An insect species normally found off the African coast has been spotted in the UK for the first time in Cornwall, conservationists have said.
The National Trust says the species appear to be widespread in Cornwall
The species of barkfly (Atlantopsocus adustus) is normally only found in Madeira and the Canary Islands.
The discovery was made at National Trust sites on the south Cornish coast.
A trust spokeswoman said the finds showed non-native species from warmer climes were now able to survive in the UK as a result of global warming.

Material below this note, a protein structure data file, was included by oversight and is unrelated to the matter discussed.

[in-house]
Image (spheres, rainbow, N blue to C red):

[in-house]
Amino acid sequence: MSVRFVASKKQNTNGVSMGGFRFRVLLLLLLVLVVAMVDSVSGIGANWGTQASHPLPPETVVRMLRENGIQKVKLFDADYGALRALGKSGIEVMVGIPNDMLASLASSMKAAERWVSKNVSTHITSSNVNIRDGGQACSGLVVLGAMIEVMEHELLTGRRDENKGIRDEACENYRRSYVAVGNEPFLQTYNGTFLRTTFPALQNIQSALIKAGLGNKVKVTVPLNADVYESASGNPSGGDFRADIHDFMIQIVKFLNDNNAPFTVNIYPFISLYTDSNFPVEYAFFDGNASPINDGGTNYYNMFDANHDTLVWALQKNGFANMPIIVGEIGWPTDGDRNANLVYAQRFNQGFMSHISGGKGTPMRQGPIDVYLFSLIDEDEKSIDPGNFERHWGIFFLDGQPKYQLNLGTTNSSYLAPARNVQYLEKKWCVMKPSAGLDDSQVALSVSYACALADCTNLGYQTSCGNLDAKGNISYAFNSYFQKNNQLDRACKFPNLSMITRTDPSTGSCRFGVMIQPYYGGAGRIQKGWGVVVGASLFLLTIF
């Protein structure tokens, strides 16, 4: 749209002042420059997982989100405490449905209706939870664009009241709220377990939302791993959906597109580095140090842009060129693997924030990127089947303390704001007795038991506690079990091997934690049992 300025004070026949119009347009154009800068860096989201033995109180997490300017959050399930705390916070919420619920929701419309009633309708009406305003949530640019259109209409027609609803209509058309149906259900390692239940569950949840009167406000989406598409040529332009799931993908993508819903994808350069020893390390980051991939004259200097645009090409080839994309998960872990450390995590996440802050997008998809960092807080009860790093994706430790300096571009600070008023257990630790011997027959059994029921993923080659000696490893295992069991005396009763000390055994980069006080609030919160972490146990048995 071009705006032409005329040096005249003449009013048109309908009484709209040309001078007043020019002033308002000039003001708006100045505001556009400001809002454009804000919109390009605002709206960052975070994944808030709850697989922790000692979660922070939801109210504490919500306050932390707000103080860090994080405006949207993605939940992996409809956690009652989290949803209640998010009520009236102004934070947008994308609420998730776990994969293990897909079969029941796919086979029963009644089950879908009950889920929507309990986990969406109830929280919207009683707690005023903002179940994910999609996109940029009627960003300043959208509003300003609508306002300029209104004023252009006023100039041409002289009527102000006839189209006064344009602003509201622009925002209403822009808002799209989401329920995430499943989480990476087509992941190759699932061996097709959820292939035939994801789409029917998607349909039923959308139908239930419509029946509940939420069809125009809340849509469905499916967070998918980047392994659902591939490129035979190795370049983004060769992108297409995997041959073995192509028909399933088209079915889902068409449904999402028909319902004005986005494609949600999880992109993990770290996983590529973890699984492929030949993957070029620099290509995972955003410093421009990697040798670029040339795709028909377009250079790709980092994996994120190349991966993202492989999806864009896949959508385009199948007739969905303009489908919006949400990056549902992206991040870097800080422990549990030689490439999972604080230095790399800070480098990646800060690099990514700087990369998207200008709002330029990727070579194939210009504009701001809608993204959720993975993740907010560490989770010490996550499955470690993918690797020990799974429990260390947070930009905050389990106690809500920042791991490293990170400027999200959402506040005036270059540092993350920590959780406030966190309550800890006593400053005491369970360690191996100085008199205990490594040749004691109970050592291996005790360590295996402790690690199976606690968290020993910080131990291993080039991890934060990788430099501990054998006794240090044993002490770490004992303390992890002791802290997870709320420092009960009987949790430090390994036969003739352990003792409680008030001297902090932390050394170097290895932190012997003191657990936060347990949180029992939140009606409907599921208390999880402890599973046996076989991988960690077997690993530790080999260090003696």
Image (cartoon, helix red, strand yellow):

The barkfly species was found during wildlife survey work at Lansallos, Bosigran, Godrevy, Chapel Porth and Treluggan.
The National Trust says the findings have shown the species appears to be widespread on these stretches of coast.
The trust says the species could have arrived on plants imported from Madeira or the Canary Islands by collectors or may have been blown into the Britain on southerly winds from the Atlantic.
A total of 99 species of barkfly have so far been recorded in Britain.
It lives on the bark of trees and shrubs where it eats lichens and algae.
Six new species to Britain were noted in the National Barkfly Recording Scheme in the last eight years.